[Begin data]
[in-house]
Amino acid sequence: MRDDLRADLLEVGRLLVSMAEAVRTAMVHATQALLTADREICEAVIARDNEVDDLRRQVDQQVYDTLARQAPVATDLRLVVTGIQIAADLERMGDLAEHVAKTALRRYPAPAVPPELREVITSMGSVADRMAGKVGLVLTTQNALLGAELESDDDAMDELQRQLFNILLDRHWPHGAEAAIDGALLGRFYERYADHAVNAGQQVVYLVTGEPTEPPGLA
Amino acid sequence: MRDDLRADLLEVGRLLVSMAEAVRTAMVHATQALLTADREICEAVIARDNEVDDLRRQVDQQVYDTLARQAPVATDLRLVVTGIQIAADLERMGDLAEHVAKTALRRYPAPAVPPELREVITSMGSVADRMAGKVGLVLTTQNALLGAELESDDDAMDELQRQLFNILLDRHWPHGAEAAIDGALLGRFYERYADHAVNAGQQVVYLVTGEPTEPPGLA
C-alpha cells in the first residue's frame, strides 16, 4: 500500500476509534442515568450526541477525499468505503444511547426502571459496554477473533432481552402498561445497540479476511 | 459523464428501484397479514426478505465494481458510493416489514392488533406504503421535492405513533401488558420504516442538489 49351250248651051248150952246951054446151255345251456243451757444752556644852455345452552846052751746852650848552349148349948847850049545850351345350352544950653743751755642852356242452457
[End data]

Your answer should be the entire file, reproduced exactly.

[in-house]
Amino acid sequence: MRDDLRADLLEVGRLLVSMAEAVRTAMVHATQALLTADREICEAVIARDNEVDDLRRQVDQQVYDTLARQAPVATDLRLVVTGIQIAADLERMGDLAEHVAKTALRRYPAPAVPPELREVITSMGSVADRMAGKVGLVLTTQNALLGAELESDDDAMDELQRQLFNILLDRHWPHGAEAAIDGALLGRFYERYADHAVNAGQQVVYLVTGEPTEPPGLA
Amino acid sequence: MRDDLRADLLEVGRLLVSMAEAVRTAMVHATQALLTADREICEAVIARDNEVDDLRRQVDQQVYDTLARQAPVATDLRLVVTGIQIAADLERMGDLAEHVAKTALRRYPAPAVPPELREVITSMGSVADRMAGKVGLVLTTQNALLGAELESDDDAMDELQRQLFNILLDRHWPHGAEAAIDGALLGRFYERYADHAVNAGQQVVYLVTGEPTEPPGLA
C-alpha cells in the first residue's frame, strides 16, 4: 500500500476509534442515568450526541477525499468505503444511547426502571459496554477473533432481552402498561445497540479476511 | 459523464428501484397479514426478505465494481458510493416489514392488533406504503421535492405513533401488558420504516442538489 49351250248651051248150952246951054446151255345251456243451757444752556644852455345452552846052751746852650848552349148349948847850049545850351345350352544950653743751755642852356242452457